Down to the last chapter of 'The Missing'. I've had my sweep through and a made a few subtle changes. I'll have a call with Maureen later this week, make further changes before printing the entire novel off and reading it as a reader. I want to try and put myself in the position of someone picking the book up off the shelf for the first time and reading it for enjoyment. At the same time it will be read by the chief editor at Libros where further changes can be made.
The book festival is now up and running and I was able to see Jasper Fforde read from his new work which is set in a world where colour is a key indicator to your position in life and society. Like all Fforde books the concept sounds alien and completely off kilter but no doubt he'll pull off something unique and funny and tight. If you have never read any of his books pick one up, he's as funny as Pratchett and as clever as Adams. Well worth reading.
Also got to see John Connolly, who was amusing and seemed more at ease speaking to large crowds than when I saw him two years ago. He speaks and reads so fast that he can fit into half an hour what most authors drivel on about for at least two. He read from a work in progress which is a new Charlie Parker novel out next year called 'The Lovers'. It's sound like the supernatural elements have been upped in the new book, which is good because it was something I missed in the last.
I'm off to see Alan Campbell tomorrow which I'm looking forward to.
Outside of the Book festival we saw Jimmy Carr, who was quick and clever and funny and immensely rude in all of the right places.
Finished 'The Secret History of Moscow', which is a subterranean fiction work set in Russia where creatures of fable, old Gods and characters from history exist below Moscow. Its from the point of view of Galina who's younger sister turns into a jackdaw and flies away whilst giving birth. Trying to track her sister down she meets with several strange individuals all who suffer from the dislocation of living in modern Russia in a big city that is crime and prejudice ridden.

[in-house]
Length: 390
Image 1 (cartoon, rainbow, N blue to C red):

The book has very much of a Russian feel to it, reading like Tolstoy (thankfully not as long) with plenty of wit. The subterranean world does not feel as fleshed at as the city above but Ekaterina Sedia has an inventive and playful mind and is able to pull on the history of her country and its myths.
'Nevada' is strange and funny and shocking and clever all at the same time. I only heard of Steve Gerber just after he died earlier this year when I discovered he was the creator of Howard the Duck, a character I remember from a film which involved aliens, comedy and inter species love (not something that seemed strange when I was about 10 years old).
This comic book was realised back in 1999 and I picked it up via the excellent book swapping site 'Read it, Swap it', based on Gerber's name. It revolves around an exotic dancer in Las Vegas, her pet ostrich Bolero, time and dimension travel, daemons and cosmic answers. It's a great read and worth picking up, I'll definitely be searching out more of Gerber's work on the back of it.
'Ocean' by Warren Ellis is a straight forward action comic set in space where coffins from an alien race have been discovered in the ice below Europa. It's about corporate greed and the inherent violence of the human species. Great art work by Chris Sprouse and Karl Story.
My final read this week is 'The Vinyl Underground - Watching the Detectives' which is a spin on Hellblazer but with a modern cool edge. It's good and I think it could grow into something very good but at the moment it doesn't have the skill or self awareness of Hellblazer.
Read this week:
The Secret History of Moscow by Ekaterina Sedia
The Vinyl Underground - Watching the Detectives by Si Spencer
Ocean by Warren Ellis
Nevada by Steve Gerber